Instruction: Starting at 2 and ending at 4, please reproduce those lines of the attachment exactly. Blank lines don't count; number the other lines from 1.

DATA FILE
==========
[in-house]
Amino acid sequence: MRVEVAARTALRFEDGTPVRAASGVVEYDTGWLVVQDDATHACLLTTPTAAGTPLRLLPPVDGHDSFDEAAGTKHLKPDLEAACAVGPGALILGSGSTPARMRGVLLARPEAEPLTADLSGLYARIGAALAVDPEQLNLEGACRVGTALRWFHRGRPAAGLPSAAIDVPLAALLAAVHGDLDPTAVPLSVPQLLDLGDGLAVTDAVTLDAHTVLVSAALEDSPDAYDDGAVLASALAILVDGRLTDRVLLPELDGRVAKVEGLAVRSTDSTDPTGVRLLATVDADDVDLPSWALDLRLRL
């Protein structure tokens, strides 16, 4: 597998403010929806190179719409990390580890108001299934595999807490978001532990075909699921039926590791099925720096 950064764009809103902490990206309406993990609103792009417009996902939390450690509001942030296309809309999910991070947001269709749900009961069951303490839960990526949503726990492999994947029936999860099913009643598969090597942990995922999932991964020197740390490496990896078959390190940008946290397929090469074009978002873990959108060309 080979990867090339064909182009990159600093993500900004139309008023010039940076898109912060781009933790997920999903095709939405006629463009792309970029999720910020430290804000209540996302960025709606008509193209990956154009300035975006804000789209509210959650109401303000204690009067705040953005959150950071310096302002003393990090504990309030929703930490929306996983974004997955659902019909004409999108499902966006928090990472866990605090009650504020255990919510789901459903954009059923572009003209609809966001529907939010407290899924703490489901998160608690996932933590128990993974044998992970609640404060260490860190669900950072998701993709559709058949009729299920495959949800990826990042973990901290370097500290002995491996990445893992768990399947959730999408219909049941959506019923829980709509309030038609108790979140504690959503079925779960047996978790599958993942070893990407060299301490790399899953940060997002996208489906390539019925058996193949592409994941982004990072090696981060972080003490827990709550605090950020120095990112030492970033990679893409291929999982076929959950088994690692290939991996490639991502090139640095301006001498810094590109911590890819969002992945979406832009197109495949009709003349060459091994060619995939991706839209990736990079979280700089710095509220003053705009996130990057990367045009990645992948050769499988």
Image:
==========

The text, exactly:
Amino acid sequence: MRVEVAARTALRFEDGTPVRAASGVVEYDTGWLVVQDDATHACLLTTPTAAGTPLRLLPPVDGHDSFDEAAGTKHLKPDLEAACAVGPGALILGSGSTPARMRGVLLARPEAEPLTADLSGLYARIGAALAVDPEQLNLEGACRVGTALRWFHRGRPAAGLPSAAIDVPLAALLAAVHGDLDPTAVPLSVPQLLDLGDGLAVTDAVTLDAHTVLVSAALEDSPDAYDDGAVLASALAILVDGRLTDRVLLPELDGRVAKVEGLAVRSTDSTDPTGVRLLATVDADDVDLPSWALDLRLRL
């Protein structure tokens, strides 16, 4: 597998403010929806190179719409990390580890108001299934595999807490978001532990075909699921039926590791099925720096 950064764009809103902490990206309406993990609103792009417009996902939390450690509001942030296309809309999910991070947001269709749900009961069951303490839960990526949503726990492999994947029936999860099913009643598969090597942990995922999932991964020197740390490496990896078959390190940008946290397929090469074009978002873990959108060309 080979990867090339064909182009990159600093993500900004139309008023010039940076898109912060781009933790997920999903095709939405006629463009792309970029999720910020430290804000209540996302960025709606008509193209990956154009300035975006804000789209509210959650109401303000204690009067705040953005959150950071310096302002003393990090504990309030929703930490929306996983974004997955659902019909004409999108499902966006928090990472866990605090009650504020255990919510789901459903954009059923572009003209609809966001529907939010407290899924703490489901998160608690996932933590128990993974044998992970609640404060260490860190669900950072998701993709559709058949009729299920495959949800990826990042973990901290370097500290002995491996990445893992768990399947959730999408219909049941959506019923829980709509309030038609108790979140504690959503079925779960047996978790599958993942070893990407060299301490790399899953940060997002996208489906390539019925058996193949592409994941982004990072090696981060972080003490827990709550605090950020120095990112030492970033990679893409291929999982076929959950088994690692290939991996490639991502090139640095301006001498810094590109911590890819969002992945979406832009197109495949009709003349060459091994060619995939991706839209990736990079979280700089710095509220003053705009996130990057990367045009990645992948050769499988």
Image: